May 2020, Vol. 247, No. 5

Pipeline Profile

Keeping Abreast of Alaska’s LNG Aspirations

As a longtime observer of the Alaska energy scene, Larry Persily has the rare perspective of someone who has viewed his subject matter as a journalist, educator and as public policy worker at the federal, state and municipal levels, including federal coordinator for the Alaska Natural Gas Transportation Projects, 2010-2015.

Here, Persily shares thoughts on how he began his informal newsletter, Alaska LNG Project Updates, the future of Alaska liquefied natural gas (LNG) Project and what he actually likes about Washington, D.C.


P&GJ: Tell our readers a little bit about your newsletter, Alaska LNG Project Updates, and what motivated you to produce it?

Persily: I started writing the summaries for the public when I went to work in 2010 as the federal official responsible for coordinating the agencies that would review, authorize and regulate the proposed project. 

It seemed to me the companies behind the Alaska North Slope gas project knew what was going on and what was involved, but not everyone at the agencies knew what other offices were doing all the time or what was happening in the global gas market, particularly North America. 

Certainly, the general public in Alaska and elsewhere had a strong interest but lacked access to much of the information. So, being a journalist by training, I started writing. Nothing confidential or proprietary, just putting public information into easily readable summaries. Included with the regulatory and project development updates were reports on other gas projects around the world – the competition, if you will. 

After the federal office closed in 2015, I continued following the Alaska project and writing and sharing the updates because I enjoyed it and thought people wanted to know what was going on. I do not charge for the updates – never have. I continued them while working for municipal government in Alaska, while working as a state legislative aide, and while I am teaching journalism this year at the University of Alaska Anchorage.


P&GJ: Who receives your newsletter? How often does it come out?

Persily: I’m not sure I’d call it a “newsletter” in any formal sense. It’s really just an email list I have compiled over the years. At one point, I had more than 1,400 names on the list. It’s down to about 1,050 now. 

These days, I mostly follow the public docket for the project at the Federal Energy Regulatory Commission [FERC] and write up summaries and updates when new information is added to the docket. Sometimes, when there was a lot of activity, that might have been every few weeks. Now, it’s more of a monthly event.

I also use the same email list to send out twice-weekly summaries of oil and gas news – an edited news briefs package compiled from reading as much as I can. I’ve been doing that since 2009.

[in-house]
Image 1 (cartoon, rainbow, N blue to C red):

FERC issued the final environmental impact statement on March 7 and voting on the project authorization is scheduled for June. I suppose, if the project goes dormant at that time, so might my project updates. But I expect I will continue compiling, editing and distributing the news summaries. No charge for that either. It’s just an email, no website.


P&GJ: You’ve been covering the Alaska LNG project extensively for a while now. Do you think the project will get completed? If so, do you care to predict a date?

Persily: I’m sorry to say, I don’t see the Alaska LNG project advancing beyond its final EIS [environmental impact statement] and FERC authorization. Not for years, and maybe never. It’s just too costly, too much of a lift for an industry that is shying away from megaprojects and all the risks they entail. Besides, the world is not short of natural gas or liquefied natural gas developments. 

I see multiple other LNG projects – expansions and new projects – with lower costs and less risk than Alaska. It is going to take some awfully deep pockets to pull off an Alaska North Slope gas project, and I don’t see those pockets lining up. At one time, the state of Alaska wanted to take the lead, but that was before the state treasury hit the wall of billion-dollar budget deficits.


P&GJ: What would the Alaska LNG project mean to those in the pipeline business as far as work goes?

Persily: If the project ever goes ahead, direct and indirect, and contractor and subcontractor, and manufacturer and fabricator jobs could measure several tens of thousands worldwide. The project would need about 870 miles of large-diameter steel pipe. And it would need it delivered to remote work sites in Alaska. As I tell people, this project is the dream of every 12-year-old who grew up playing with Tonka toy trucks.


P&GJ: You were the federal coordinator of the Alaska Natural Gas Transportation Projects, 2010-2015. Do you ever miss the political life?

Persily: I miss Washington, D.C. I miss the history, the sun, the monuments, the excellent taxi service and the cookies I could lift from receptions. I don’t miss the politics or the silly protocols. After almost 50 years in Alaska, I am immersed in Alaska politics and comment on it frequently (some would say constantly). I’d comment on national politics, too, but I can’t think of anything nice to say

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